To begin exploring the skill of exhibiting images and framed art properly, you must first have a thorough understanding of basic technical terminology. More goes into it than simply putting a photo in a frame and hanging it on a nail in the wall, as you can see below. Mounting and framing are two distinct processes that may be used in conjunction to create a stunning photo presentation.

The bending and buckling of photographs printed on paper will always be a possibility. By attaching images to a hard backing, mounting tries to prevent this from happening and to provide a stable platform for exhibition. A mounted photo may be handled more readily for matting and framing, and there is less chance of harming the image as a result.

Photographers have additional options when it comes to frame sizes because of the use of mounting and matting. An inserted mounted photo can be placed into a much larger frame – or even a frame with non-standard dimensions – instead of being forced to take a photo fit standard frame dimensions or being limited to standard frame sizes for wall display (as is with certificate frames). This is accomplished by cutting a mounting board to the appropriate size for the frame.

Photos are protected from deterioration using conservation mounting processes, which are intended to keep them safe for an extended length of time. Most photographs do not require mounting and framing in accordance with the most stringent conservation criteria; nonetheless, being aware of the many possibilities for conservation mounting and framing can assist you in protecting photographs of significant personal or professional significance. When it comes to photos that are only needed for a limited period or that can be quickly reprinted for exhibition, using speedier and less expensive mounting processes can be advantageous.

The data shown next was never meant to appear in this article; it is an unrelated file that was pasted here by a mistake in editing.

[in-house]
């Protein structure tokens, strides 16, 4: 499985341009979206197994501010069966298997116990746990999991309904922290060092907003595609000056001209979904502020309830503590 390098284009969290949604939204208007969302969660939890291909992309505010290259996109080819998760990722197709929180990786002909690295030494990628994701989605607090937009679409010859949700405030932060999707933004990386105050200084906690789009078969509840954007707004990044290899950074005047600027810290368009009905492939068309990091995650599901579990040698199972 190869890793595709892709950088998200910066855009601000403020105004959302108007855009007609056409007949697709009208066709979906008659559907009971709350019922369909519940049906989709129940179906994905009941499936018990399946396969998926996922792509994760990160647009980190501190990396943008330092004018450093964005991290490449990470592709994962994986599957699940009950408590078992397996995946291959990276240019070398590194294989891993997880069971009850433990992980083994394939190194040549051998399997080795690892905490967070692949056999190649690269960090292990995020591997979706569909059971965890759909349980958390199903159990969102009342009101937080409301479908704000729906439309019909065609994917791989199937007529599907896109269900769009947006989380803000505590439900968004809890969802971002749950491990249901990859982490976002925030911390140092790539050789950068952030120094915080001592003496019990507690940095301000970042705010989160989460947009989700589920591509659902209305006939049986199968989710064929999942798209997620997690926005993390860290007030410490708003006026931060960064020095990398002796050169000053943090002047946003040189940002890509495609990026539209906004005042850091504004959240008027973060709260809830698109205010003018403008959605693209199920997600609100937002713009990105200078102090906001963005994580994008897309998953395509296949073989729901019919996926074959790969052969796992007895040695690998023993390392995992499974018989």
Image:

Dry mounting

Dry Mounting is a method of attaching a piece of equipment to a wall or ceiling without using any adhesive. It is the process of attaching artwork to a hard or semi-rigid background without the use of adhesive. Photos, posters, and water-sensitive artwork are all appropriate materials for usage with this product! When it comes to fine art, this strategy is rarely employed.

Using a heat press to adhere artwork or images to a backing board is one method of completing dry mounting. There are several more methods of completing dry mounting as well. The heat press approach, on the other hand, might cause harm to paintings. A vacuum press, on the other hand, may be used in the same way, but without the need for heat.

The most significant advantage of dry mounting is that the technique can remove minute wrinkles and creases from the artwork, in addition to the impacts of cockling. It is feasible to flatten works that would otherwise wrinkle or buckle because of the pressure applied during the dry mounting procedure. However, the most significant disadvantage of dry mounting is the fact that it is permanent. This is not an approved way of mounting for archival purposes. It is often only beneficial for mounting inexpensive artwork that is likely to be rapidly changed, rather than when mounting artwork that is intended to last for a long period of time.